And as we can see from the following brief history of Sowa, politicians and decision-makers prefer something newer than an upgrading of an old settlement. History repeats itself here – quite interesting I say (with an adopted understatement).
It has been known for decades that the brine at Sua Pan (early colonialist spelling of Sowa Pan) is well worth mining. Experimental mining in the 70-ies clearly indicated that. The problem was the distance to the wider market. Only South-Africa was in reach for competitive sales at market price.
Since early 1980 the extract licence was with British Petroleum. And BP was very much aware of the EU sanctions against apartheid RSA and kept the licence dormant. This fact more or less gave the US Salt Lake City company in Utah monopoly of delivering soda ash to RSA in these apartheid years (as the USA never fully endorsed the sanctions). And soda ash is/was essential for many important companies in RSA specialising in glass, fertilizers, soap and explosives and more.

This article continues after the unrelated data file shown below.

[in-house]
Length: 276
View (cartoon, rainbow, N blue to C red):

The RSA government of the time was extremely nervous that USA too would be forced to join the EU sanctions. The RSA government of the time planned to open up a salt water soda factory but was held back by the enormous cost for such a venture.
Consequently, when it was clear (in the late 1980-ies) that the apartheid days were counted, Botswana had to act, not to be left with a resource undeveloped for the future. The licence for BP was cancelled and Gov of Botswana together with Anglo American and De Beers (companies that Bots since long had good working connections with) and AECI (African Explosives and Chemical Industries – connected to AA) made a joint company with licence to extract soda ash from Sua Pan.